EDISON, N.J. -- Phoebe Snow, the bluesy singer-songwriter known for her song "Poetry Man," died on Tuesday at age 60 of complications from a stroke she suffered last year, her manager said.
Snow released 16 albums, composed more than 100 songs and was nominated for a best new artist Grammy Award in 1975.
New Jersey-born singer's "Poetry Man," about her infatuation with a man, was released on a self-titled 1974 album and was her first big hit. It led to her landing on the cover of Rolling Stone magazine.
Snow also had a hit song with another track, "Harpo's Blues," from the same album.
Soon after, Snow put her career on hold to care for her daughter, Valerie, who was born with a brain injury.
Valerie died at age 31 in 2007, and Snow considered caring for her daughter to be her greatest accomplishment, her manager Sue Cameron said.
When Snow suffered a stroke in January 2010, she had just finished recording a collection of songs and was rehearsing with her band in anticipation of performing weekly shows at a winery in New York, according to her management firm.
But she never emerged from a coma after the stroke.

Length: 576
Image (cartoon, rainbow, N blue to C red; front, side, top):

"Our treasured icon heroically fought for almost a year-and-a-half to come back, enduring bouts of blood clots, pneumonia and congestive heart failure ... until her body finally could take it no more," Cameron said in a statement.
Over the years, Snow performed with the likes of Paul Simon, Billy Joel, Chaka Khan and Jackson Browne.
Former U.S. President Bill Clinton also was a fan, and Snow performed several times for him, including at private family retreats at Camp David. Snow could sing in a variety of styles, from R&B to opera.
Snow is survived by her sister, Julie Laub, her uncle Bob Laub and several cousins. A memorial concert is expected to be announced shortly.
Phoebe Snow, Singer of 1970s Hit 'Poetry Man,' Dies at 60